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‘We want the park to stay a park’

Pittsburgh Tribune ReviewBy Brian C. Rittmeyer
Monday, March 5, 2007

Dormont residents rallied in winter conditions Sunday in hopes of saving a summertime favorite.
Efforts once aimed at saving the borough’s landmark pool are now set on saving the whole of Dormont Park from the threat of development.

“We want to raise awareness and let council know we don’t want them to develop our park,” said Dormont resident Sarann Fisher. “We want the park to stay a park. We don’t want them to develop the park into retail or more residential.”

The roughly 75 protesters who made their way from the pool parking lot to Banksville Road found support from passing motorists, who honked their horns in response to their signs and chants of “Honk your horn, save our park.” They’re expected to take their fight to the Dormont Council meeting at 7:30 tonight at the borough building.

Two developers have made park proposals. One would renovate the 87-year-old pool in exchange for permission to build townhouses and retail buildings in the park. The other would build a smaller pool and a community center in exchange for retail development in the park.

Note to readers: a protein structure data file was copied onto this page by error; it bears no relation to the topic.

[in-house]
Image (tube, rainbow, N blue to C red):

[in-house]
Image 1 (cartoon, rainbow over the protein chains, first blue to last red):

Opponents want the 25-acre park to stay as it is, and they want efforts to repair the pool to continue.

“We don’t need a strip mall down here,” said John Maggio, president of Friends of the Dormont Pool. “We’re hoping they’ll get the message.”

Karen Gottschall, 40, carried a sign saying “No Walgreens,” which is rumored to be an anchor of a proposed development.

“We need more green space, not less,” she said. “The park is the jewel of Dormont.”

“It’s not about the pool anymore. It’s about the park. They want to pave over our park,” she said. “The developers don’t want to save our park. They want to make money. That’s what they want to do, and they want our land to do it. Our council, unfortunately, might let them.”

The pool remains a focus, however. Pete Popowicz, 57, boasted of the 15 pool passes he had on his car and compared the pool to the likes of Kennywood in stature.

“Even though it’s winter now, we talk about how much the pool means to us in the summer,” 12-year-old Samantha Fisher said as snow swirled about her. “It means so much to me. I’d risk coming down here in the middle of a blizzard just to save this place.”

Donna Rosleck, 68, said the park is a landmark, where her family picnics and her two grandsons come to swim and play.

“I don’t want to see the property sold and the swimming pool go,” she said. “If they take all the property, the kids don’t have any place to go in Dormont.”

This is not the first time Dormont residents have rallied to preserve the park. Fifty years ago, residents fought off a plan to build apartments on the land, said Jim Rutledge, 79, a lifelong borough resident.

Rutledge said he’s confident the latest development proposal can be defeated, too.

Brian C. Rittmeyer can be reached at or (724) 779-7108.

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